I just finished the next in my series of Young Adult articles on female sculptors. Theo Kitson and Meta Fuller both spent their working lives in the Boston area, but their careers and concerns were shaped by radically different attitudes. Theo, born in 1871, was a sculptor of soldiers and memorials, and helped shape the national war memorial in Vicksburg, Mississippi. Meta Fuller, born just six years later, created bold monuments to the lives of African Americans before the Harlem Renaissance.
Go to the “newest articles” page to download both pdfs!
I finally stopped at the grave of two Brigham children, dated 1888, at the Main Street Cemetery in Hudson, Mass. After some prolonged rain, a pool has formed between the two marble children, whose weathered faces look up to Heaven.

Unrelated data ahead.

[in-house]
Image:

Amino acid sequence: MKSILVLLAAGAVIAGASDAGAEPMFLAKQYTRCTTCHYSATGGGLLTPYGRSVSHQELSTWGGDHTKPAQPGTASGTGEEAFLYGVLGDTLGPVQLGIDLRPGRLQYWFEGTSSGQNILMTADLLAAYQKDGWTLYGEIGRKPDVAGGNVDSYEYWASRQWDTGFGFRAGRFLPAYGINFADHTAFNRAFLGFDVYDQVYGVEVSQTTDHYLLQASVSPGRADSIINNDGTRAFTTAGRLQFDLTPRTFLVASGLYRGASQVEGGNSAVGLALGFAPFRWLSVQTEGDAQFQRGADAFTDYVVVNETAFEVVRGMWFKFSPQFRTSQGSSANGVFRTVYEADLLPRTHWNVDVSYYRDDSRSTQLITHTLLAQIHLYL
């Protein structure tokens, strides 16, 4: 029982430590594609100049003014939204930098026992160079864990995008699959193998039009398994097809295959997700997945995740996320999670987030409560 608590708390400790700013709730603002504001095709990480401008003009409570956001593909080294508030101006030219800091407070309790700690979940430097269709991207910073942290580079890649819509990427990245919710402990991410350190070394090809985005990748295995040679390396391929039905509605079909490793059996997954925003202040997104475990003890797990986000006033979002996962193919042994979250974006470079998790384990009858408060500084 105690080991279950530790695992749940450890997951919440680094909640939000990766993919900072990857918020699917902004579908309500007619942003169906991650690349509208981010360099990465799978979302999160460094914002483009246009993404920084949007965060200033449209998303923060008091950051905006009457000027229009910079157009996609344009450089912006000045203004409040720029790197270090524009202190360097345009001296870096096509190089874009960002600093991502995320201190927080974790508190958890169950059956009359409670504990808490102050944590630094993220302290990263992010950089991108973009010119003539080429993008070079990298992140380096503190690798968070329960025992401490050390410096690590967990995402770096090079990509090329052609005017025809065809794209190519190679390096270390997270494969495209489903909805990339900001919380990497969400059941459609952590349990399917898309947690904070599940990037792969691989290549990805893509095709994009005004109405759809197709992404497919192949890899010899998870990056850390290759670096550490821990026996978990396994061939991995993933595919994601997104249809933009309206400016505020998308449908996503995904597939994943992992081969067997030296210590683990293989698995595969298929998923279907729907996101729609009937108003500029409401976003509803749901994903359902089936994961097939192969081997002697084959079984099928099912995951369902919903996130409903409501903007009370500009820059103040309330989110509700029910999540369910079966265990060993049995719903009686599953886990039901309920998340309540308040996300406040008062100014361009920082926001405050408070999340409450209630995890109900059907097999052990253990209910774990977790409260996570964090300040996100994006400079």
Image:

The annual outdoor sculpture show is up at Fruitlands Museum in Harvard, Mass. This stainless steel piece is one of two in the exhibit by Gillian Christy of Dorchester. “American Dream,” ideally situated in one of the historic landscape’s newly mown fields, is both earnest and wry. The piece is made up of alternating sections of stairs and rolls of picket fencing, stretching 13 feet to the sky.
A collaboration with Joyce Audy Zarins, this piece is in a private garden on the Concord River. Our client wanted a piece that moved, and used reclaimed materials in combination with a boulder from the site. Also included are representations of some of the animals and birds (an otter, a turtle, songbirds) the family sees in and on the water. The result is crafted in mild steel with a rusted, natural finish. It moves slowly in the breeze on Joyce’s sturdily-fabricated pivot points, reflecting in the water on a lazy summer day.